Turkey approves military deal with Qatar, Saudi Arabia amid Syria conflict

12 November 2012 / SINEM CENGIZ, ANKARA – ZAMAN  – Parliament recently approved two separate agreements with Qatar and Saudi Arabia — two of the staunchest states seeking the fall of the Syrian regime, along with Turkey — regarding cooperation in the training of military personnel among the three states.The approval of the two agreements, which have been obtained by Today’s Zaman, came on the heels of ongoing tensions along the Turkish-Syrian border and escalating military strikes between Turkey and Syria.

Damascus accuses foreign powers — including Qatar, Saudi Arabia and neighboring Turkey — of supporting Syrian opposition forces struggling to topple embattled President Bashar al-Assad, and of destroying the stability of Syria and meddling in its internal affairs. Turkey and the two Sunni Arab states have adopted a similar stance regarding the Syrian conflict in the diplomatic sphere. However, the approval of the two agreements amid the ongoing Syrian conflict is a development that could add a new dimension to the 19-month-old crisis.

The Military Training Cooperation agreement between Turkey and Qatar was signed in the Turkish capital of Ankara on July 2 and published in the Official Gazette on Nov. 7, with Law No. 3849.

According to Article 1 of the agreement with Qatar, the purpose of the agreement is to establish cooperation mechanisms between Turkey and Qatar in the field of military training. The agreement, which was signed by Qatari Army Chief Gen. Hamad Bin Ali Al Attiyah, and his Turkish counterpart Gen. Necdet Özel, aims to enhance and consolidate friendly relations existing between the two countries. Article 4 of the agreement specifies areas of military cooperation at War Colleges, the Gülhane Military Medical Academy and the Mapping General Command.

According to the same article, training areas and the education of personnel will also include the gendarmerie, the coast guard and border security.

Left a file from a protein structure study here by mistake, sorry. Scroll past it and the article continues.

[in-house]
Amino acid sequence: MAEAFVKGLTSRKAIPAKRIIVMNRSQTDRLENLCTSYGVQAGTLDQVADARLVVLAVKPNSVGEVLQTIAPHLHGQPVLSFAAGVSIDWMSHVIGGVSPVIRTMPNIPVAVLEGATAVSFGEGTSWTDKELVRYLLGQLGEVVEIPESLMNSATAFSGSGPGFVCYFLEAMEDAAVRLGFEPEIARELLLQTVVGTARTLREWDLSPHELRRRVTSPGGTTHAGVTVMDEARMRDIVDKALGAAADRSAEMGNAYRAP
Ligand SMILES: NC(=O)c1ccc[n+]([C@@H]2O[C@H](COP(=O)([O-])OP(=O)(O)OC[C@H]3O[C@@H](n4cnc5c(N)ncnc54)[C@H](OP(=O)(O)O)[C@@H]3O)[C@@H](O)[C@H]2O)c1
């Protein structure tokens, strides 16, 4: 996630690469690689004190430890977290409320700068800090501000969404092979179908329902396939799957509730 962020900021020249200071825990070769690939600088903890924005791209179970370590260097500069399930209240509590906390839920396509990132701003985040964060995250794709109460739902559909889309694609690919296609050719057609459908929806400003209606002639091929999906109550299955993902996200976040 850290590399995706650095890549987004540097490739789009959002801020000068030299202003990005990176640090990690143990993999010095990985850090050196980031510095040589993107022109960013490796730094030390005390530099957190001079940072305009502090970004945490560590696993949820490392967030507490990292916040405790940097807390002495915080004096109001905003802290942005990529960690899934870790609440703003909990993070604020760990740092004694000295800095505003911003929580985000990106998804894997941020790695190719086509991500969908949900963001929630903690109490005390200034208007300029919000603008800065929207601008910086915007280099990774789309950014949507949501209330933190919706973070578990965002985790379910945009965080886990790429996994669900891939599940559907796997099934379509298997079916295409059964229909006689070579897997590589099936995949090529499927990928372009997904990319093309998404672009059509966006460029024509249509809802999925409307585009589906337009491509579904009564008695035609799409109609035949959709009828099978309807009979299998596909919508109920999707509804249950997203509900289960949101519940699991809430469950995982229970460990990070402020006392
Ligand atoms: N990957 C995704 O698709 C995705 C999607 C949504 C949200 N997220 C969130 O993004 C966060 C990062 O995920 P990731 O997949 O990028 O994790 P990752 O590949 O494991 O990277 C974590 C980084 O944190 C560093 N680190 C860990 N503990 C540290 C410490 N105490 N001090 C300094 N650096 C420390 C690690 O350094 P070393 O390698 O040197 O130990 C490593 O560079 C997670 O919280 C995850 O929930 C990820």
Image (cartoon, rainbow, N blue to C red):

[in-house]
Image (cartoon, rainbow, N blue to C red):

Article 4 states the main areas of cooperation as follows: “Participation in joint exercises, exchange of delegations, visiting harbors and docking, exchange of information regarding improvement of training, exchange of information on military history, military archives and military publications, cooperation in logistics training, cooperation on peace support, counterterrorism, humanitarian relief, countering sea robbery and piracy and exchange of personnel.”

According to Article 3 of the agreement, the General Staffs of both countries are responsible for the training of personnel, which should be provided in accordance with the criteria set by the states.

In line with this agreement, ahead of any request to send personnel for training, notification will be given to the receiving state in March of the year prior to the beginning of the training program at the latest.

The agreement emphasizes that cooperation should occur within the framework of respect for the laws of the countries, and on the basis of reciprocity and mutual benefit.According to Article 6, the training of guest personnel should be provided in conformity with the programs of the military institutions or units where the training is provided. However, the article specifies, “If the subjects cover certain issues related to national security, some restrictions may be imposed.”

Turkey’s Military Training Cooperation agreement with Saudi Arabia was signed in the Saudi capital, Riyadh, on May 29, and was published in the Official Gazette on Oct. 10, with Law No. 3634.The agreement with Saudi Arabia underlines the importance of enhancing friendly relations existing between the two nations and of cooperation in the field of military training, confirming that cooperation between the two countries promotes international peace and stability. The agreement, which was signed by Saudi Brig. Gen. Abdulaziz Marzouq Al Johani and his Turkish counterpart, Brig. Gen. Salih Sevil, chief of the training division, says Turkey and Saudi Arabia should set out the specialist and technical courses (operations, logistics, intelligence, etc.) to be held annually at their military centers.